From The King of Juke Joint Swing to Queen Bey. Despite the anxiety of being designated driver for this week, I thoroughly enjoyed unpacking last Monday’s link by Guy Lincoln. The phrase ‘nom de plume‘ had me thinking of Eilleen Regina Edwards. She’s the same age as Wayne ‘the train’ Hancock. The most popular and successful crossover artist of the mid 1990s, she merited the name ‘Queen of Country Pop‘. After a long hiatus, her sixth studio album ‘Queen of Me’ was triumphantly released last February. A third date now added to her stop at the Hydro Glasgow in September suggests her popularity has not waned.
However, it was Guy’s chosen track ‘Double A Daddy’ that got me thinking of another musical queen and the song: ‘Daddy Lessons’. Like Wayne ‘the train’ Hancock, Beyoncé is from Texas. ‘Daddy Lessons’ was the sixth track on her 2016 album ‘Lemonade’ and her crossover into country territory was effortless.
Were the lyrics intentionally ambiguous? Don’t be fooled by the bluesy, jazzy, Louisiana horns at the start. It ticks all the boxes as a country track. The song has also been credited as starting the trend of pop stars flirting with American West and Southern aesthetics. As well as influencing the ‘Yeehaw Agenda‘ reclaiming black cowboy culture through music and fashion.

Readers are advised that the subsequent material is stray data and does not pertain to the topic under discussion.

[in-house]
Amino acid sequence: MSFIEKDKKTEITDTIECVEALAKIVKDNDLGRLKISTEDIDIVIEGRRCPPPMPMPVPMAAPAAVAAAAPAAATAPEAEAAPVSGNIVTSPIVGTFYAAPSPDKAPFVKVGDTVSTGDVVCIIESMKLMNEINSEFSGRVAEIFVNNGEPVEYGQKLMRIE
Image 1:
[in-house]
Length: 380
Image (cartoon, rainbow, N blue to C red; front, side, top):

She had the temerity to team up with fellow Texans, The Dixie Chicks to release the song as a promotional single. A band who had been ostracised from the country music establishment in 2003. Words spoken on tour in Glasgow had not go down too well back home. By 2016 The Chicks were barely forgiven but still not ready to make nice.
But, it was their bold and sassy performance at that year’s CMA Awards that caused a huge conservative backlash. Did Alan Jackson actually walk out? The lukewarm audience reaction to the performance and the many viewers’ heated responses had nothing to do with the crossover of genres, the rehabilitation of The Chicks, Beyoncé’s awakened liberalism or what she wore. It was blatant not-in-our-back-yard conservatism. Some of it was just downright racism. A backlash that highlighted the politics still defining country music’s identity. Lest we forget, this was a year defined by an especially nasty presidential election and the caustic rhetoric spouted by Donald Trump as the Republican nominee.
Daddy warns “And men like me come around.”
The performance at the CMA awards is mentioned in Francesca T. Royster’s book ‘Black Country Music: Listening for Revolutions‘ reviewed by AUK’s Martin Johnson last February. Royster’s message of hope being: there will come a day when it is acceptable for the Black community to just simply openly enjoy country music.
‘Daddy Lessons’ is an uplifting country song. The powerful and provocative performance at the CMA awards remains a glorious (as they say in Glasgow) ‘get it right up ye’ victory over the establishment.